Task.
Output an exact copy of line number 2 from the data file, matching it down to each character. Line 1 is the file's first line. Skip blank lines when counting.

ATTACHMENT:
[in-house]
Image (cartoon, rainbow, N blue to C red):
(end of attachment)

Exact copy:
Image (cartoon, rainbow, N blue to C red):